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Winter getaway – Caryophyllaceae part I

Follow-up to Friday’s seeds – let’s go up the mountains and then travel to the Dobrogea region (close to the Black Sea, Romania) to see a few Caryophyllaceae.

I’ll start with Arenaria; yes, usually not overly ornamental plants but easy to please and cheerful when in flower. Arenaria ciliata shown below; another Arenaria found at high altitude is A. biflora.

Arenaria ciliata at about 1100 m alt.

Cerastium alpinum ssp. lanatum, the alpine mouse-ear, can be found at alpine level in quite a few mountain ranges, not only in the Carpathians; it grows on rock crevices, nooks formed between boulders, also on stabilized rock screes and alpine meadows. It is quite adaptable and the woolly foliage makes a nice addition to the large, white flowers; something good to try for any ‘not that advanced’ rock gardener (myself included).

Depending on the traveling time, there are always various Dianthus species to admire from the alpine level to the foothills of the mountain, like D. petraeus, D. tenuifolius, D. carthusianorum and D. glacialis, to mention just a few. Over the years I’ve presented and offered seeds of some of them, except D. glacialis.

Dianthus glacialis

Gypsophila petraea, a cushion forming alpine baby-breath, endemic for Carpathian Mts. usually grows on conglomerate boulders and crevices on the rock walls; often in localized areas. Excellent species for rock gardens and not difficult to grow based on from my previous experience; unfortunately, most of the capsules were immature and I found very few seeds.

Gypsophila petraea; in the image below with Asperula

Moehringia is an overlooked genus in my opinion. I like Moehringia muscosa for its fine texture and although I didn’t have a shaded rock crevice to offer, it did quite well this summer in my garden in a less than favourable position (‘protected’ by Primula sieboldii). The picture in the wild was taken in Barsei Massif (also part of Carpathian Mts.).

Quite a few Minuartia species grow at alpine level and lower; among them, Minuartia verna, the spring sandwort is a rewarding, easy to grow species so don’t be shy to give it a try.

Two cushion forming species of Minuartia from the Bucegi Mts. would be worth having in a rockery: Minuartia recurva and Minuartia sedoides. Especially M. sedoides looks similar to Silene acaulis, but of course that the flowers, when present, signal the different genus. Sometimes they grow interlaced with one another and it is even harder to distinguish them.
One year I must make a special effort and collect seeds of these species.

Minuartia sedoides with yellowish flowers, Silene acaulis and rosettes of Primula minima

Minuartia recurva

I previously showed and probably everyone knows Silene acaulis (first image in the gallery). I’ve also shown with other occasion the cute Silene pusilla (now growing in my garden as well :), so please browse through the gallery to get an idea of the habitats these species are growing in (click to open full size images).

Most pictures are from the Bucegi plateau (alpine level). The ‘green’ boulders’ composed of Silene acaulis, Minuartia and other cushion species, which punctuate the barren rocky areas, are in fact small plant communities.  The cushion-type plants are colonizers of these harsh habitats on rapidly draining rocky/sandy soils, and thus very important as pioneers for the installation of other alpine species.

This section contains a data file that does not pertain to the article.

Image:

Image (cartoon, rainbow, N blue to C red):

Here’s one more good example with Minuartia sedoides and Primula minima taking good roots in the partly decomposed cushion.

Minuartia sedoides with Primula minima

I didn’t mention Sagina, Scleranthus and probably few others but it’s time to come down the mountain. From the South-Eastern Carpathian Mts. to Dobrogea region there is about a 4 hour drive; it won’t take long to get there – stay tuned…

Records

with Geum reptans

Our night temperatures have plunged to new record lows of -30˚C; our spirits are following the same trend. Short of being able to fly away to a sunny destination, I made a trip into the past summer days.

Geum reptans

Geum reptans – in habitat, Carpathian Mts.

Geum reptans sits at the top of my ‘to collect’ list. I would have a lot to say about this mountain Geum. After seeing it in full splendour, there is no denying that it holds the record of the largest flowered Geum species. From my present frozen perspective however, size is not as important as their irradiating glow, which could (metaphorically) melt the ice away.

I am convinced now that it is a total calcifuge species. In the natural habitat we found individuals growing majestically on granitic boulders or isolated populations scattered over sloped rocky alpine meadows only where the underlying substrate was predominantly of silicaceous nature; amongst them were rosettes of Soldanella pusilla and Primula minima. Needless to say that, the drainage they enjoy in these conditions is nothing short of being ‘stellar’.

Geum reptans - solitary on a versant boulder

Geum reptans – splashed over a big boulder, on a stabilized scree

Geum reptans - on a rocky alpine meadow slope

Geum reptans – on a rocky alpine meadow slope

In a few early flowered plants, the magnificent rose and fluffy seed heads were just beginning to ripe, so I couldn’t collect seeds last year; another record – of disappointment this time…

Geum reptans - immature seed heads

Geum reptans – immature seed heads

Propagation: I wrote about the germination and showed seedlings in other posts. The seeds from a previous collection have germinated very well. Seedlings developed strong tap roots and weren’t too fussy, but I didn’t manage to keep them going longer than two years. Not enough drainage was surely a big problem, especially in my newly planted rock-plants containers. I hope one day I’ll broke another record: of growing this mountain avens in my rock garden!